Soup, Stew and Hash – 18th Century Soldier Cooking S1E4
100 Comments


So today we’re going to take a common soldiers
ration and we’re going to turn it into three different meals, a soup, a stew and a hash.
The foundation of our stew and our hash, we’re going to use salt pork, and the foundation
for the stew, we’re going to use fresh beef. So the salt pork we’re using today is a
salt pork that we prepared in an 18th century manner. When it’s time to use the salt pork,
you have to soak it. You have to take several hours, soak it in water, change the water
out, soak it again, until it’s ready to use. If you don’t soak it several times
and get all the salt out, it’s inedible. So, the big difference between a soup and
a stew is how much water we use when we prepare it, and the first thing we have to do is to
get this water going, get it boiling. I’ve got 6 pints of water starting to boil here
for the soup, and I’ve got 3 pints for the stew. Let’s start out with our soup. While our 6 pints of water is getting ready to boil here, I’m going to brown our salt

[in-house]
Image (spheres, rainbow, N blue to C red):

pork in a little bit of fat. I’m going to let this set and sear a little
bit. Browning this meat first will release a lot of the flavor. So we’re doing this
in small batches. If we do too much at once, we can’t get it to caramelize properly.
It releases too many juices. Once your salt pork is browned, it’s time
to dump it in your boiling water. If any scum develops on the surface, scrape that off.
You’re going to let this boil about 15 minutes. Now that our soup has boiled about 15 minutes
with the meat in it, it’s time to add some other things. I’ve got some carrots here
and some parsnips. We’re going to add those. So there’s the carrots, part of our parsnips.
From our pocket spice kit, we need to use a little bit of salt and pepper. Oh yeah, it’s looking good. It’s also now a good time to add a bay leaf
if you’ve got it and we’ve got a little bit of cider vinegar, just a splash or two
of cider vinegar will really set this off. Now that we’ve added these things to our
soup, we’re going to moderate the fire a little bit and let it simmer for about an
hour. Now that our soup has simmered about an hour,
it’s time to throw in some cabbage if we’ve got it and I’ve also got a little bit of